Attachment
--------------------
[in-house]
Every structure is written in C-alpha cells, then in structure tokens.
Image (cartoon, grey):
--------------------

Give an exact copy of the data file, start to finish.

[in-house]
Every structure is written in C-alpha cells, then in structure tokens.
Image (cartoon, grey):